Because work and home will not be divided by time and space the first step toward a healthy work-from-anywhere dynamic is recognizing the lines are blurred from the get-go.
Even better, physically move to a unique location in your home or apartment—preferably the same place everyday—and don’t go to that location unless you’re on work time. The more you honor these boundaries for yourself and with others, the more effective you will be.
3. Recognize how much you depend on habits to get through the day (and how you need to make new ones).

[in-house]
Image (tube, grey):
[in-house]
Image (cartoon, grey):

Habits permit our brains to avoid repetitive decision-making. It’s exhausting to rely on the daily decision-making process just to get out the door: Do I wake up and then get in the shower? Or do I wake up and go to the coffee maker? Do I brush my teeth and then go to my closet? Or do I get dressed and then brush my teeth?
Believe it or not, the most successful people spend the least amount of energy making basic decisions. They use habits to get them from their pillow to their desk “automatically,” already engaged in the mental energy of making higher-level decisions. When all of our habits are disrupted by drastic changes in circumstances, highly successful people quickly form a new set of habits, or a routine. Start your week by designing your new routine. Design good habits for this week.
4. Diversify your entertainment beyond streaming.